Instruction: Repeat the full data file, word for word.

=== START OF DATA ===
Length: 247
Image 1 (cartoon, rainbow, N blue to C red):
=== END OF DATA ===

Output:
Length: 247
Image 1 (cartoon, rainbow, N blue to C red):